Meet the Steller’s Jay: Clever Black and Blue Birds
Discover what makes the Steller's jay so special, including their social nature, clever tricks, and striking black and blue feathers.
What Does a Steller’s Jay Look Like?
Smart, gregarious and handsome, the black and blue Steller’s jay is named after German naturalist Georg Steller—not for their stellar looks. He first classified them on an expedition to an Alaskan island in 1741. From a distance, the Steller’s, which is related to the blue jay, may look like just a dark crested bird. A closer view reveals its striking dark head and shoulders contrasted with its deep blue body and tail.
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Steller’s Jay Range and Habitat
Steller’s jays are found year-round in a variety of environments in western North and Central America, from Alaska to Nicaragua. They frequent campgrounds, picnic grounds and yards. There are many subspecies in the different environments. The subspecies mainly differ in the pattern of white or blue markings on the head.
“Steller’s are one of my favorite birds to watch. I love their dusty blue color against the deep green pines in the mountains of New Mexico,” says Birds & Blooms reader Pat Northington of Austin, Texas.
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What Does a Steller’s Jay Eat?
To attract Steller’s jays to your own feeder, offer peanuts, black oil sunflower seeds, suet or fruit. Pine and oak trees are alluring cover and provide additional food and nesting sites.
Steller’s are opportunistic birds, eating any leftovers people may leave behind, insects, berries, nuts, bird eggs and even small animals such as lizards. They hide food for later retrieval as winter approaches, gathering nuts and seeds in their throats and stuffing the nourishment into nooks and other hiding spots for later in the year.
Steller’s Jay Intelligence
Jeff Black, a Department of Wildlife professor at Humboldt State University based in Arcata, California, has been studying Steller’s jays since 1998. These brightly colored jays belong to the corvid family, known to be among the most intelligent in the avian world. That, along with the birds’ sociable nature, makes it easy to observe them.
“Here in Arcata, California, jay pairs stake claim to our yards, both front and back, and they stay all day and all year,” Jeff says. Researchers fit the birds with leg bands, each with a different color combination to identify them. “Jay pairs readily come to bird feeders, so we can see who’s who and who they are hanging out with or chasing off,” Jeff says.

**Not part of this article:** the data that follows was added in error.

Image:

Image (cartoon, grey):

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Steller’s Jay Call
These clever and social jays communicate with other birds in a variety of ways. Jeff says, “They have dozens of call types conveying different information.” These include harsh rattles and melodious notes. “Steller’s jays also imitate calls made by hawk species they live with,” he says.
In winter, they use those calls to stir things up and scare other birds away from feeders so all the food is left to them. Using their voices in another way, they team up to scold and chase away predators, including the great horned owl. Ornithologists call this group behavior mobbing.
“This Steller’s jay (above) is my favorite all-year round backyard visitor. He’s very smart and entertaining, imitating various birds, especially red-tailed hawks, and managed to trick me!” says Dagmar Teleky.
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Steller’s Jay Nest and Eggs
Adults likely mate for life. They engage in courtship feeding and show off by throwing their crests and vibrant blue feathers around. A pair gathers pine needles, twigs, grasses and mud during the breeding season. Then they construct a cup-shaped nest where the female lays and incubates up to six blue-green eggs with dark brown spots.
Next, learn how to tell the difference between bluebirds vs blue jays.